SIR Further Information
SIR testing: this is a resistance measurement between two conductors. Typically this is between two interlinked parallel comb patterns, but can also be measurements between rows of parallel component pads that are isolated.
Manufacturers of many process materials used in the production of electronic assemblies such as solder flux, paste and wire, solder resists and masks, conformal coatings etc., must qualify their product using SIR. For this, there are many Standard test methods.
Historically, a 5 point test pattern was used as per GR-78-CORE from Tellcordia Technologies (Formerly Bellcore). Subsequent research demonstrated that automated measurement equipment was able to conveniently handle multiple 2 point patterns on test coupons such as IPC B24, B25A and most recently B53.
To answer the need for a new Standard Test Coupon the IPC B53 was created by GEN3 that incorporates 3 x 2 patterns of 400µm x 500µm (IPC B24) 318µm x 318µm (IPC B25 and B25A) and 400µm x 200µm to reflect finer pitch products.
The IPC B53 test coupon has an important number of special design features to enhance their usability. (See Figure 4)
Given that a typical electronic circuit assembly undergoes at least 20 individual process steps, each using highly ionic process materials, understanding the electrochemical compatibility between them as a Material Set, is essential.
At each manufacturing process step, the presence of components creates a far greater opportunity for process residue entrapment. In research work carried out by NPL they created a new test vehicle, being the coupon plus components, named the TB57 (See Figure 5).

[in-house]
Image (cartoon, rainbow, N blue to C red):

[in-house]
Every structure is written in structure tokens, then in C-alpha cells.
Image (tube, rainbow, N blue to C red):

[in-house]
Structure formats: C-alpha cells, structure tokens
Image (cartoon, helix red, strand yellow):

SIR comb patterns can be located under components in the very area where the residue entrapment probability is highest (See Figure 6). Its design was to consider a “worst case” for process residue entrapment. It was never intended to consider circuit design constraints as the test was simply to assess the Electro-Chemical compatibility of the chosen Material Set. This coupon has subsequently been evolved into the IPC B52 (See Figure 7).
The International Standard test method is IEC 61189-5-502. In this test vehicle the assembly is placed in a damp heat environment, with an applied voltage and the resistance is monitored for 168 hours (one week). In this test the resistance shall not drop below 10⁸Ω.
If the user is following IPC, then it is important to refer to the following documents:
IPC 9201 – SIR Test Handbook
IPC 9202 – Material and Process Characterization/Qualification Test Protocol for Assessing Electrochemical Performance Using the IPC-B-52 Test Assembly
IPC 9203 – Users Guide to IPC-9202 and the IPC-B-52 Standard Test Vehicle
IPC-WP-019 – An Overview on Global Change in Ionic Cleanliness Requirements
The construction of this test board follows that of the product as closely as possible, but any test vehicle must use dummy components with all internal connections open, i.e. there is no die and no connections between the lead-frame pads.
Note that research is now underway at 2 different voltage levels to reflect current industry needs:
High Voltage - >300V to 1000V
Low Voltage - <2V with 75µm pattern spacing (HDPUG)
Research is showing that the test duration may need to be extended to around 1000 hours.